Experiences with different government styles can provide lessons on choosing an optimal approach in other contexts and situations. This study illustrates the role of spatial planning in landscape management and development in the Netherlands. It is part of a PBL research project on exploring Integrated Landscape Management as a potential means of achieving progress on multiple sustainable development goals simultaneously.
The study presents some insights derived from key moments and policy changes in the Netherlands and reflects on the challenges ahead, signifying that, also in the Netherlands, spatial and landscape planning are dynamic processes that anticipate and adapt to changes in society. It discusses the landscape planning policy and practice of the last three decades, since its approach shifted from a sectored to a more integrated approach. The first part of that period was characterised by a hierarchical governance style that gradually transformed into network-oriented governance. These two ways of governance were characterised by different types of spatial planning policies and, consequently, had a different impact on landscape management. The study illustrates the changes in steering style by using two spatial scales: national and regional.
The main target audience for this study consists of policymakers and stakeholders involved in the landscape initiatives in partner countries of the Netherlands or via the Landscapes for People Food and Nature (LPFN) initiative, the NLandscape.nl platform and/or other integrated landscape programmes globally.
Lessons learned from hierarchical governance
This type of governance was top-down, supported by stringent legislative and financial instruments that made policy implementation relatively easy. It was directed to development control planning. This planning style was favoured by many spatial planners. Experience has shown that:
- A stable and long-term-oriented policy on spatial planning is seen as an important foundation for preserving spatial quality and maintaining regional economic stability.
- Long-term protection and promotion of landscape values raises awareness among citizens and entrepreneurs about the need for a more integrated perspective.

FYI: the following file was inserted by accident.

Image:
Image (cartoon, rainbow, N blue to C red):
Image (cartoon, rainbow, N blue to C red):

- Hierarchical planning on a national level controls the quality of large-scale projects of supra-regional importance.
But hierarchical governance also had its negative sides; it was criticised for its ‘blueprint’ way of planning which proved to be rigid in its response to political changes and societal needs.
During the 1980s, a new approach to spatial planning emerged: Development planning. Although still retaining most of the features of hierarchical governance, development planning was more sensitive to social dynamics, had decentralised implementation, paid attention to economics, included citizen participation and cooperation between public and private actors.
During the past 10 years many national governmental functions were decentralised to provinces, top down landscape planning policy was deregulated and network governance now determines spatial planning.
Lessons learned from a networking way of governance
The ambition of the Dutch Government’s network planning style is to achieve shared responsibility on spatial quality, in terms of both finance and legislation. To facilitate the integration, all related legislation has been combined under one law: the Environment and Planning Act (Omgevingswet). Network governance in spatial planning in the Netherlands is still a relatively new, dynamic and ongoing process; therefore, it is too early to draw hard conclusions on its success or failure. The current situation is that:
- the role of the national government has shifted from governing to stimulating and facilitating the planning processes of regional and local authorities, while remaining closely involved in managing supra-regional spatial developments.
- although citizens and NGOs play an important role in these projects, they are always supported by governmental measures, such as on funding, compensation or legislation.
- the number of integrated landscape management initiatives by citizens and private sector has increased over the past decade. Compared to the larger number of initiatives by the government in the days of hierarchical governance, there is still room for improvement. The new initiatives tend to cover a smaller scale or area.
- integral projects are inherently complex, which is why government authorities are continually trying to simplify rules and regulations and provide more transparency. This transformation requires the support of municipalities, potentially adding to their already increasing workload and responsibility.
Supporting landscape initiatives, on a global level
Recent decentralisation of spatial-planning-related policies have clearly put more pressure and responsibility on regional and local authorities. This requires sufficient funding and expertise for policy implementation. In addition, regional and local authorities should be able to create a level playing field for all stakeholders to participate in the planning process.